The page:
IoT growth drives M&A deals in the semiconductor industry
All the hype about IoT (Internet of Things) being the next big thing is coming true. Companies such as Nvidia (NVDA) and Intel (INTC) have been shifting their focuses toward IoT, especially in the automotive sector. But 2016 witnessed two of the biggest M&A (merger and acquisition) deals in the history of the semiconductor industry. Both of them focused on IoT.
In July 2016, SoftBank agreed to acquire ARM Holdings (ARMH) for $32.0 billion, a cross-border deal with complementary product portfolios. In October 2016, Qualcomm (QCOM) agreed to acquire Netherlands-based NXP Semiconductors (NXPI) for $38.0 billion, excluding debt. It’s another cross-border deal with complementary product portfolios. These deals indicate that IoT is at the inflection point, and the 5G (fifth-generation) revolution isn’t far away.
The Qualcomm-NXP deal
The Qualcomm-NXP deal is the largest in Europe and the largest in the semiconductor industry. The acquisition would create the world’s third-largest semiconductor company after Intel and Samsung and the largest integrated semiconductor solutions provider in the world.
As part of the deal, Qualcomm will acquire all shares of NXP, issued and outstanding, for $110 per share in cash. That represents a premium of 34.0% from the NXP share price before the merger rumor spread on September 29, 2016. This equates to an enterprise value of $47.0 billion, which includes NXP’s $8.7 billion debt.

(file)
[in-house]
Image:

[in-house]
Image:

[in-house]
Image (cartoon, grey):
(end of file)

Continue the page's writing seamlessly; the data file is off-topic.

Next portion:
The deal has already been approved by shareholders of both companies. Now the deal will be reviewed by regulators in nine jurisdictions. It’s expected to be completed by the end of 2017 after all the necessary approvals.
Qualcomm will fund the all-cash deal with its offshore cash and a new debt of $11.0 billion. With this, Qualcomm aims to make the deal tax-efficient while maintaining liquidity of more than $8.0 billion. The company said it has designed the deal structure with an aim to provide “a strong foundation for long-term capital returns to stockholders.”
The NXP acquisition would immediately increase Qualcomm’s earnings by 30.0% and bring in $500.0 million in annual cost synergies within two years from the close of the transaction. Analysts believe that the combined company could deliver better returns than what the two companies could deliver separately.
In this series, we’ll take a look at the Qualcomm-NXP deal and analyze all financial, strategic, and macro aspects that define the opportunities and challenges the acquisition would provide.